First Nighter: End of the Rainbow Disses Judy Garland Bigtime

04/02/2012 04:33 pm ET | Updated Jun 02, 2012

Libel is actionable legally, and I wouldn't go so far as to cry "libel," while dismissing with disgust End of the Rainbow, the so-called play about Judy Garland that's just opened at the Belasco. I will say that, while character assassination doesn't usually lead to lawsuits (possibly because difficult to prove), character assassination is exactly what playwright Peter Quilter is committing in a fifth-rate work featuring Tracie Bennett's second-rate impersonation of the iconic performer.

Mostly set in William Dudley's undoubtedly accurate representation of a swanky London hotel suite, the two-act hatchet job purports to illustrate how recklessly the singer behaved in private and public during a five-week 1968 stint at the famed Talk of the Town, which is also shown during some sequences. In the mad pavane that takes place only a few months before Garland's death, she's joined by fifth and last hubby Mickey Deans (Tom Pelphrey), who's sometimes dictatorial and sometimes obsequious. Also on hand to endure Garland's charmless mood-swings is swishy Scottish accompanist Anthony (Michael Cumpsty, employing an in-and-out accent), who's given no last name -- perhaps because he's a composite of several accompanying pianists.

During the period covered, this Garland claims she's found true happiness at last with Deems. To prove it, she frequently jumps his bones. Yet, at other times she comes to blows with him for denying her the Ritalin-and-whiskey cocktails from which at other moments she insists she's ready to abstain. While humiliating hotel management on phone calls over bills she's not paying, she also spends repetitious time trying to duck performances for (unseen) impresario Bernard Delfont.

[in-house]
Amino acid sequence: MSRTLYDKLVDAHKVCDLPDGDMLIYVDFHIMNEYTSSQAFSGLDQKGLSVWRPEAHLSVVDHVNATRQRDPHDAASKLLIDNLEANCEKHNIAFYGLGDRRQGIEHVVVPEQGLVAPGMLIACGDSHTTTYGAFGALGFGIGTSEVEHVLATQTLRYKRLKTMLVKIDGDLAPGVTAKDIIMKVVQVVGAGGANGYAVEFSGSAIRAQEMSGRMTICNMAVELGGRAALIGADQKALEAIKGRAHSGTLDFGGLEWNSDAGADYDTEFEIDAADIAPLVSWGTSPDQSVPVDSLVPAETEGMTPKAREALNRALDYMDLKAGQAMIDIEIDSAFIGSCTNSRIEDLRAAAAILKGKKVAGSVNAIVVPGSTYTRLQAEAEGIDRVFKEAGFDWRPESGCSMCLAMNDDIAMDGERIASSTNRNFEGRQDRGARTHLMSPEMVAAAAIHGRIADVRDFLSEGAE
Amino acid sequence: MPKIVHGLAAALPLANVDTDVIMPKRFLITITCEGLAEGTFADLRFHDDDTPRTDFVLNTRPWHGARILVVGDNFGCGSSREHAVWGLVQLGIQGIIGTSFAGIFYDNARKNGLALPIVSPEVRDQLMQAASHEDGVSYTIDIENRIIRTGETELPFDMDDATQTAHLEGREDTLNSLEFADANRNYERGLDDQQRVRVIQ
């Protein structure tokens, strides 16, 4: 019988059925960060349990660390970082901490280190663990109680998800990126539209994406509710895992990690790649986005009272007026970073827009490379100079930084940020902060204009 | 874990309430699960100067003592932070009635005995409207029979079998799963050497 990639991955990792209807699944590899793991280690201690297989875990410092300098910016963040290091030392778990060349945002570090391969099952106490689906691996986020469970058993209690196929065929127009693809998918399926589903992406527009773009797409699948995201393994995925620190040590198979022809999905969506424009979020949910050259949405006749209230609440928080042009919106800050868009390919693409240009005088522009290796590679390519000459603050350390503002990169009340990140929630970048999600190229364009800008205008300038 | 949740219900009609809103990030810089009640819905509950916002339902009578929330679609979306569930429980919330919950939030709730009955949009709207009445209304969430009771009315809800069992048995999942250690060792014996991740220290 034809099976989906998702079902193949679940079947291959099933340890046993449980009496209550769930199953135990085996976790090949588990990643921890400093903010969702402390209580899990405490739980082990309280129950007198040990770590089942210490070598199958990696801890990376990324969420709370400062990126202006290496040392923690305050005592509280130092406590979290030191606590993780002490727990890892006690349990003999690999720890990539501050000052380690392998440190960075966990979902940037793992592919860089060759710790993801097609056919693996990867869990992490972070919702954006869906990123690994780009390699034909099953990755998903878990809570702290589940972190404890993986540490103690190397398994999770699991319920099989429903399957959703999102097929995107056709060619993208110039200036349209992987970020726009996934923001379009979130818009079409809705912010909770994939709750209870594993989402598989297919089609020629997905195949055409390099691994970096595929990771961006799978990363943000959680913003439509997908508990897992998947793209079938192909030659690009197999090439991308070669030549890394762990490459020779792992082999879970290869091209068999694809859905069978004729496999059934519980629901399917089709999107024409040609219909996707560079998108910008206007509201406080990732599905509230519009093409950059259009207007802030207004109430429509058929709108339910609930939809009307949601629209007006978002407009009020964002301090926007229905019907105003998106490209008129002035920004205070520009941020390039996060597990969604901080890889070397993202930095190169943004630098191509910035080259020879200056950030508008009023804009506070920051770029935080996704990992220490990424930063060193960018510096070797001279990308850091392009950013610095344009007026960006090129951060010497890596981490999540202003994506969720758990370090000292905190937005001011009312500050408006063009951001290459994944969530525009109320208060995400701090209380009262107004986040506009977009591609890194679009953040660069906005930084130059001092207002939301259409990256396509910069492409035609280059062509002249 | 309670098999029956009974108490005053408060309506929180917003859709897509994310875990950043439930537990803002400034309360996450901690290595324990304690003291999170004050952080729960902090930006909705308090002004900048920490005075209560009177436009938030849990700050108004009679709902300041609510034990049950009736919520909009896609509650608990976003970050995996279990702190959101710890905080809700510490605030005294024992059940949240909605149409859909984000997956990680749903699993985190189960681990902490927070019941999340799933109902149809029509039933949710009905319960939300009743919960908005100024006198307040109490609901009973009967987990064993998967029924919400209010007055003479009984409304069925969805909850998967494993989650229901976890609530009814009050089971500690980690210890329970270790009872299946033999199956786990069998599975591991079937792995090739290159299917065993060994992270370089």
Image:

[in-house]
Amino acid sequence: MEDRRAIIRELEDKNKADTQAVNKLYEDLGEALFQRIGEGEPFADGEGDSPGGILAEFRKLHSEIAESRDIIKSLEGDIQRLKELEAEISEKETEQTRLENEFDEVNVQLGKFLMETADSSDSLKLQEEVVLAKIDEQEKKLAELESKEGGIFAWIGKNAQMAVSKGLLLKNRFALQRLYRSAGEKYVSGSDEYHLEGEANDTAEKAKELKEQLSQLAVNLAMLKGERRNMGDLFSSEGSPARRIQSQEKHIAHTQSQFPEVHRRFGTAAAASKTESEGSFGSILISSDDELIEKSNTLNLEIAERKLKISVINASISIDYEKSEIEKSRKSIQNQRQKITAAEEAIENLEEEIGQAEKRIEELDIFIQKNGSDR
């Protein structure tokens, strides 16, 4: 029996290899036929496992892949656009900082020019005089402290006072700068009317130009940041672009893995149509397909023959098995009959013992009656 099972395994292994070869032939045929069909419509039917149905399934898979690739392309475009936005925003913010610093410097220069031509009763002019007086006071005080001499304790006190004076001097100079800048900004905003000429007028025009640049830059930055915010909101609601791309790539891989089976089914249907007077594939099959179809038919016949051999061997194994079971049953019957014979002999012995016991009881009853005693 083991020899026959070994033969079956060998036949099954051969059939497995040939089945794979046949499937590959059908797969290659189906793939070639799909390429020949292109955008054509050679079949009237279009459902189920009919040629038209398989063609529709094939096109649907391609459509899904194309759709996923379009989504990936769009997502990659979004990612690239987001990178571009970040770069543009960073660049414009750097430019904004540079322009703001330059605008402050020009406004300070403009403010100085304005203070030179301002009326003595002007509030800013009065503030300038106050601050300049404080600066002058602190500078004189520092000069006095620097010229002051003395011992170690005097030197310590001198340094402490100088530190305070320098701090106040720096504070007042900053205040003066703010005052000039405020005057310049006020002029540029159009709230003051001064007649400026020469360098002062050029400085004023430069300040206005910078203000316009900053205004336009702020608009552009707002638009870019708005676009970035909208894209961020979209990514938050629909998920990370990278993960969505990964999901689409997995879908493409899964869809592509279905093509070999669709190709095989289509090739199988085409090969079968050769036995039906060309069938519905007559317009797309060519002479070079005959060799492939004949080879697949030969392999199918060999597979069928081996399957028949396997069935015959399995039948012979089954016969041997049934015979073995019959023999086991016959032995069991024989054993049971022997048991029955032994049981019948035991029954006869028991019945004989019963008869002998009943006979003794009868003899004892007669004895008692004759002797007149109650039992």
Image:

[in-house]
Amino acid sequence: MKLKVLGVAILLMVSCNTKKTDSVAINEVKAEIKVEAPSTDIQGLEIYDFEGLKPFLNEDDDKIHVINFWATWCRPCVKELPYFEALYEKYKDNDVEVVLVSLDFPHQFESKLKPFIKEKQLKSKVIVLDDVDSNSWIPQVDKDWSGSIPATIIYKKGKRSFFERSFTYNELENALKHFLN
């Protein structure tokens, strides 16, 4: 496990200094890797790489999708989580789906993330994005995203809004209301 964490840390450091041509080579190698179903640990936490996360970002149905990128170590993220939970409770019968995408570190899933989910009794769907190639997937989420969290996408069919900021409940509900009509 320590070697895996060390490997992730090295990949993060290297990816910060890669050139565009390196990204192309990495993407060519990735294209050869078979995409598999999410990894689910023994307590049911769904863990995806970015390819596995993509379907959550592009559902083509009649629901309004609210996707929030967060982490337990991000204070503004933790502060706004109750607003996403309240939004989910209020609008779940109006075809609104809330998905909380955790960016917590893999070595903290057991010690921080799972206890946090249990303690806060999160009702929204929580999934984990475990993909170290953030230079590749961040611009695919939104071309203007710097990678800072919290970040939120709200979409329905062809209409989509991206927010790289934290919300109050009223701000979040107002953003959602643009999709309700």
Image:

In varying degrees of sobriety, this Garland does show up for the Talk of the Town appearances. This gives Bennett the opportunity to reprise the former Frances Gumm's signature songs. Throughout the tremolo-filled warbling, she certainly sounds more like her predecessor than when she's haltingly and breathily speaking the dialog attributed to Garland.

And hey, does Quilter save "Over the Rainbow" for last? What do you think? Does director Terry Johnson see to it that Bennett delivers a terrifyingly manic version of "Come Rain or Come Shine" supposed to mimic Garland at her hopped-up worst? What do you think? N.B.: For this egregious Harold Arlen-Johnny Mercer turn, Bennett receives appreciative applause from an audience totally missing the dramatic point?

No one familiar with Garland's career will deny she suffered from ultimately debilitating drug and alcohol problems. Records dating from her marvelous yet cruelly exploitive Metro-Goldwyn-Mayer days establish as much. Garland may also have had the habitually dirty mouth she has in this treatment. Why wouldn't she, considering the milieu in which she received her lessons on real life?

But to show her exclusively as a desperate pill-popping, booze-swilling, four-letter-word-spouting monster says nothing more than that a group of people (Quilter, director Johnson, the two handfuls of producers) have decided they stand a chance at making a heap of dough trashing the Garland name to a public assumed to want nothing more from their entertainments than something on a Jerry Springer level. Maybe the purveyors have been affirmed in this regard by the positive response in London, from whence the opus is imported.

Through much of her troubled times -- and they were legion -- Garland almost never lost her sense of humor. She was a truly witty woman, who may have had to hone her humor as a survival technique. This Garland is consistently crude when Quilter thinks he has her cracking actual jokes. She's unrelievedly petty and pouting, someone whose enormous talent is in total shreds -- except on the occasions she's able to go on songbird automatic-pilot.

Among other affronts to which the perpetrators of End of the Rainbow lower themselves is putting on display a vulgar piece that might be seen by Garland's three children -- for whom she regularly expressed deeply-felt maternal love. Liza Minnelli, Lorna Luft and Joey Luft have to be well aware of their mother's minuses as well as the pluses ignored here. Noticeably, not one offspring is mentioned through the proceedings -- perhaps according to lawyers' advice.

On their behalf and on behalf of Garland's fans (many slammed for being homosexual stereotypes who reveled in the star's troubles), a reviewer is obligated to say, "Shame on those behind the miserable enterprise."